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a lot of books have suggested ages either for reading ability or content. You probably should pre-screen American Girl Books. I got one for dd and we read part of it together and since *I* couldn't bear it in my 20s, decided not to read it with dd.

 

But she read LOTS of books at 5 and 6. We had a librarian help us find ones that would be okay for content while still challenging her reading level. The Shoe books, Orphan Train books, ShiloH books, Happy Hollisters, The [old] Bobbsey Twin books, Caddie Woodlawn, BoxCar Children....We also used the Robinson Curriculum and Sonlight lists as well as others online.

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One of the Addy books bothered my dd. There's a small bit about Addy, a slave, being forced to eat worms. I don't remember if she was forced by a white child or by her master. That book really made slavery hit home for my dd, but it was a bit much for her and she put the Addy books away for a long time.

 

Some kids are more sensitive than others. Just a heads up.

 

It was her master, I believe. As a punishment for being too slow or some such. My daughter loved the Addy books. When Addy chose her birthday and they had an ice cream party, my daughter asked me to write that day down on the calendar, and the next time that date rolled around, we ate ice cream lol.

 

I like the American Girl books. They touch on tough issues for sure but in ways that (most) kids can handle, I think, and with characters that kids can relate to, and I think they're a good way to touch on/introduce some of our history.

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I don't either. This has sort of been said, but the majority of times a book has an age on it, it's solely about reading level - vocabulary level, complexity of plot and sentence structure, etc. It's rarely about content. If your dd can read it and enjoy it, then it's not a big deal. It's just a guideline.

 

Everyone on this forum has different opinions on these matters, but the vast majority of books for children before they get to YA don't have content I would hesitate to expose my 6 yos to. Now, some books are more suited to them than others. However, some people want to keep their kids from reading certain books because the kids themselves are very sensitive, they're concerned about non-Christian influences or they're concerned about the influence of so-called "twaddle" or poor quality literature. None of those concern me, but if they concern you, there are only two ways to find out - read it yourself or ask advice from someone who has read it (like here) before your dd can read everything.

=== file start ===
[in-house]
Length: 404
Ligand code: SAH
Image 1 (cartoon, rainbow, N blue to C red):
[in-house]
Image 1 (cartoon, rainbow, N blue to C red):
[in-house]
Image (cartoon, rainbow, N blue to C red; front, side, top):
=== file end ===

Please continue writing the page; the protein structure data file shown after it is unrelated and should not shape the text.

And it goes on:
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I pre-screened at that age too.

 

I also disliked the American Girl books, primarily because they use today's values to judge historical events. The first one I noticed it in was one where the servant girl gets pregnant and quits to have/raise her baby. The daughter of the house is appalled that the servant can't continue to work after she has the baby, that she "has" to stay home and raise it. The people of that era would not have looked at it like that at all. They would have been appalled at having to put the baby in daycare to continue working!

 

There are a lot of books available that are much better at maintaining historical accuracy.

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I pre-screened at that age too.

 

I also disliked the American Girl books, primarily because they use today's values to judge historical events. The first one I noticed it in was one where the servant girl gets pregnant and quits to have/raise her baby. The daughter of the house is appalled that the servant can't continue to work after she has the baby, that she "has" to stay home and raise it. The people of that era would not have looked at it like that at all. They would have been appalled at having to put the baby in daycare to continue working!

 

There are a lot of books available that are much better at maintaining historical accuracy.

 

What makes you think that "the people of that era" would have ALL shared the same point of view on something like that, any more than the people of this era do? Maybe most people did think that way back then, but it's not totally unbelievable that the "daughter of the house" in that story might have her own, differing, viewpoint.